Working with carbon is super easy. It's kinda a joke when you are working with 'as supplied' tubes. That's not the problem. It's the engineering. That's where mistakes will get you.

    The reason for using carbon instead of a fully fabricated bar is for flex. You want as much as you can get.....SAFELY. Fabricated handlebars are really terrible without the use of carbon. Making a mistake with carbon in this application is potentially deadly.

    We never figured out what led to the bars failure. Wheel first or bar first. Regardless, there were splinters. That's not good. After looking into it very deeply, it was determined by myself and several carbon experts that while I may have been within the working ability of the particular tube I was using, there just wasn't enough safety factor for that type of layup.

    I did a lot of work in the shop testing flexure of various layups and building a database and 'approximation' of modulus of elasticity for several layups that allowed me to compare to metal counterparts. This was a lot of work but it was important and what I should have done in addition to lab testing prior to betting on black. Still, ship sails at 4 and I was going to be on it.

    The result of this was to switch to a completely different layup, different filament, and epoxy (I believe). The problem was that this wasn't as flexible as the original material. That's not desirable, but this is off the shelf material and I needed something safer.

    I cut out all of the old material and replaced it with the new on everything that I'd done. Since, I've had no problem at all. That includes riding full ridgid like and enduro bike and the enduro bike like...and enduro bike. I feel that it's vetted...but I haven't put it in the hands of a real canyon hucker. The bars don't feel as nice as before but they still aren't as bad as steel or ti bars are.

    There you go. Easy as pie as long as everything is right before you order material.

  10. #10
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    What do you want the setup to do? Is it so you can play with increased sweep and / or use it for almost "direct mount" short stems like PVD?

    If so, would it be an idea to start by cutting in half an existing flat carbon bar from a trustworthy manufacturer rather than using random guess tubestock?

    Someone else has already worked out the layup and flex, got it to pass fatigue tests and put sufficient reinforcement in the middle to withstand a normal clamp on stem. Provided you are bonding onto that same region, then the bending moment and stress concentration points are going to be in similar places to the original setup - so your bond is the main unsafe bit :-) ......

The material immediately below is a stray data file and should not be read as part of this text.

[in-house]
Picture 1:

I can think of some drawbacks - there are probably many others
    1)Working around a small amount of pre-existing sweep.
    2)Having to use larger than needed steel tube for your "stem" part (i.e. nominally 31.8mm bore).
    3)Would there be enough bond length or do you have to encroach onto the area that wouldn't normally be clamped?
    4)Cost (depending what bars you start with) I'm thinking something cheap-ish from the big risk-averse OEM players like Giant or Pro (Shimano).

  11. #11
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    Ya know, I should've put this in the original post, but yeah. The goal of all this is to get the fit I want (being able to make super short stems, play with sweep, etc.) Which makes designing the bike around it much easier. Opens up some opportunities that are difficult to get with commercially available stuff.

    And to get some nice flex for bumps/comfort sort of thing is a very nice bonus. Almost anything is gonna be better than the super cheap and stiff aluminum bars I've been running forever now.

    With that being said, I've still got some time to get all this sorted, and i'm most likely gonna be doing a bit of my own testing as I go along. I'll definitely keep you guys posted, and put up all my tests/findings on here.

    Also, using commercially available bars to modify like you mentioned is interesting. Lots of drawbacks for sure, But you've given me another thing to brainstorm for a while.

  12. #12
    pvd
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    FYI,

    I've been designing with a 9 degree sweep for performance bike (785mm) and 16 degree sweep for the wider (820mm) klunker bars.

    I'm working on a performance full suspension bike right now and expect to build with a 12 degree sweep (785mm). Not sure if that will be right but I'm finding that 9 degree is a bit flat in my old age. Riding the 16 degree is really nice but might be a bit much when I really have to catch my full body weight.

  13. #13
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    You might want to consider starting with titanium tubing so you don't have to puzzle out anisotropic behavior.

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  15. #15
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    Quote Originally Posted by pvd View Post
    Obviously, I have a lot of experience here, as mentioned. Good and bad .
    I’ll ignore the bad, cos like my old boss at work says “if you’ve never scrapped owt, you’ve never made owt” And life is a learning curve.

    I’ve made a fair few wheelchairs that were carbon tube/steel lug, but I just used what I was given. I’d love to be able to work this stuff out for myself, where do you even start? When you say lots of experience, have you made bars using lots of different tubes? Have you done some sort of testing to compare them? Was this chasing ride feel? Or just bar position? Is it as simple as just wall thickness? Where does diameter come into it? How much effect does weave direction have? How do you calculate for that? Presumably method of manufacture of the tube has a huge impact, how do you calculate for that? What about the actual raw materials the tube is made from? How do you calculate that? Does fatigue life come into it? How much flex is good/too much? How do they compare to traditional steel/aluminium bars?